They can be one and the same. But I tend to side with the Matt Holliday line: "Producer, not director." Baseball isn't golf or pool. Hitters aren't always in control of where they get to put a ball or where the fielders are to get that ball. Sure, Carpenter could swat a few singles the other way -- but he better get the pitch that's right to do it, and he may end up just floating fly balls that are easy to catch because he's not able to hit that area with authority. It's an improvement to make -- or a skill to be aware of. When in doubt, hitters should do what they can to hit the ball as hard as possible. That seems to be a good rule of thumb. And defense is going to steal hits. The opponent wants to win too.
I would lower the strike zone. Immediately. I would lower it to the top of the sock area, just below the base on the back of the knee. Get more balls in play.
They have gone that route. It's been their most successful route. It's the lefties they haven't been able to find with that approach. Neshek. Norris. That all worked. And well. But the lefties haven't been as fruitful, so they have to find a way to spend.
Spend wiser, I should say.
Not yet. That's something the Cardinals toyed around with in spring training and it's a look they want to have -- if everything is humming as best as possible, and yes that means a monster OBP from Fowler. But as of now the Goldschmidt batting second and DeJong hitting third is working well.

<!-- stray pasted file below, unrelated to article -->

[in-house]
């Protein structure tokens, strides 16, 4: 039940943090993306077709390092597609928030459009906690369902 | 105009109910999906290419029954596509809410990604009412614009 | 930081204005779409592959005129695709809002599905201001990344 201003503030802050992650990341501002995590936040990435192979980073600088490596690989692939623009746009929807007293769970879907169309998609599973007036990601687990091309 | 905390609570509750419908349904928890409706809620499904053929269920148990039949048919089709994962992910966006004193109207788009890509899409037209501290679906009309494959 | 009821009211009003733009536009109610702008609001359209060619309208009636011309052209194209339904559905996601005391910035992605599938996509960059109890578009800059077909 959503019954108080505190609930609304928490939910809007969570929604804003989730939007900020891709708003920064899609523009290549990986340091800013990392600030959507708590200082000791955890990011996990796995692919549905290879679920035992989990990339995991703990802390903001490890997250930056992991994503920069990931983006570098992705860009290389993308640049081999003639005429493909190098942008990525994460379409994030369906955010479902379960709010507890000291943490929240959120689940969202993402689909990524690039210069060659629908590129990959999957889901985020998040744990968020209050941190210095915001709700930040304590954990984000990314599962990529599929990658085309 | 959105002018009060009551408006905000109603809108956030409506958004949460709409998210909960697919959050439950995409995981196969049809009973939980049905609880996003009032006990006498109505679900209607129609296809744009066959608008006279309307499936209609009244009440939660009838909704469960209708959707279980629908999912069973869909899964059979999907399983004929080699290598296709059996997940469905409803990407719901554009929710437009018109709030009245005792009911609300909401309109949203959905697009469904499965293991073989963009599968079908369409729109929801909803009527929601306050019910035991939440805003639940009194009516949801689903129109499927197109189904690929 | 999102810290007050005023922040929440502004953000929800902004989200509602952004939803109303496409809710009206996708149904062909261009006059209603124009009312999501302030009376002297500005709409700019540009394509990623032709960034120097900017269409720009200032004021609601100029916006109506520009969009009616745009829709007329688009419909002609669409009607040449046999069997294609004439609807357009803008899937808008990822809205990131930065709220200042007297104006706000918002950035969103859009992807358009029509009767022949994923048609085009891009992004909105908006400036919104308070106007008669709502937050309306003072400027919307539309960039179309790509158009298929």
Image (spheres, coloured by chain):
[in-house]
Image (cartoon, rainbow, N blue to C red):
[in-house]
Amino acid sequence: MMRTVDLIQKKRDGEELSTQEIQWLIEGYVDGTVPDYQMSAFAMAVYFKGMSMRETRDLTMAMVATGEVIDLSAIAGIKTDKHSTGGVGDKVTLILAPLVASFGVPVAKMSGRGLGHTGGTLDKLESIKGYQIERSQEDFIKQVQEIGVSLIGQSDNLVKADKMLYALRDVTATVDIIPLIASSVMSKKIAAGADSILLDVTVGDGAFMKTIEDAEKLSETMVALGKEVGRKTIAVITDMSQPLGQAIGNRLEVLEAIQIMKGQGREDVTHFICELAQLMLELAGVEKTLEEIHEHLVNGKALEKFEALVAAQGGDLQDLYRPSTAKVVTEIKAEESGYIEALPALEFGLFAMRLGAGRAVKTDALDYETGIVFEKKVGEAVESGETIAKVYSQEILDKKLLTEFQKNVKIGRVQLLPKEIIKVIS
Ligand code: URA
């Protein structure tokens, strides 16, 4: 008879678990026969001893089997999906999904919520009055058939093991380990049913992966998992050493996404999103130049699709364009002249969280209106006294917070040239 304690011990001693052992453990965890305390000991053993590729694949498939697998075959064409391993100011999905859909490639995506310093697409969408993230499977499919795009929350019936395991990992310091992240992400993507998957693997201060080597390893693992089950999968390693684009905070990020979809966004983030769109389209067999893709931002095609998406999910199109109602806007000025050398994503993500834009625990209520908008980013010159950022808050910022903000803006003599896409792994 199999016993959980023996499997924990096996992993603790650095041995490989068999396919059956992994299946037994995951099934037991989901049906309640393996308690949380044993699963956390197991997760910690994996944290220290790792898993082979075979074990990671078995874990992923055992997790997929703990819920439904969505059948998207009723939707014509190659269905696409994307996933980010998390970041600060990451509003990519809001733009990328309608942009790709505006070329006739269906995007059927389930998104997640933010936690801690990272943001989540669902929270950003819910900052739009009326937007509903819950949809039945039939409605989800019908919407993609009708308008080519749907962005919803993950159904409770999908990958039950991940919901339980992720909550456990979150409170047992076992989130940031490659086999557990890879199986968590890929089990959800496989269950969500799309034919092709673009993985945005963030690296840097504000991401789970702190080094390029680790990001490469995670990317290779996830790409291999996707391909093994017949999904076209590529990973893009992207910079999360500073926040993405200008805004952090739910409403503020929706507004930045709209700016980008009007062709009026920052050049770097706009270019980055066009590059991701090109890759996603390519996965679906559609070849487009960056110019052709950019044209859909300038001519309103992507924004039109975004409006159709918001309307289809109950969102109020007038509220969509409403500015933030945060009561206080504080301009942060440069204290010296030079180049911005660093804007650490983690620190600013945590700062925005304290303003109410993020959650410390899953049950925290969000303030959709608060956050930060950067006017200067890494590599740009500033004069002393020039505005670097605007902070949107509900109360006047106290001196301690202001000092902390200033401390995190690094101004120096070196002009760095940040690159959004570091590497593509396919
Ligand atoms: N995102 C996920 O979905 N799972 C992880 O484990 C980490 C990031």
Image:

Bader is going to have to win back some of that playing time. Martinez has hit well and Fowler has held his own in center to give the Cardinals comfort in this look. It's not going to be one they trot out there everyday with Bader healthy and available. They like his glove. They like his speed. They like what brings to the bottom of the lineup. But the Cardinals aren't going to dismiss this as a sometimes option and look at the three outfielders, two position rotation that we've seen in the past from them.
I appreciate the leap you're making here, and there's something to it because this is exactly the spot that the Brewers could argue they were in. I asked Stearns this exact question: Could they pursue Yelich because they were comfortable delaying their contending a year if they didn't get him? Stearns told me that they made the choice to go after that specific player, and if it delayed the building process a year so be it, they could be patient, they could wait, they could have some young players grow and improve and look toward 2019. That was possible. I've asked the Cardinals similar questions and they don't see rebuilding as true to their brand; they don't see it as part of their contract with their fans. They haven't sold at the trade deadline in years, and whether they fired the manager earlier or not -- that wasn't going to change. For the Cardinals to sell as you suggest would take a first half that is cataclysmic. Look, they fired their manager a year ago -- and still didn't tear down the roster and make moves that could have been for the future. They insist they cannot have the patience that the Brewers could. And I do find that fascinating -- right there at the heart of the Ozuna-Yelich dilemma.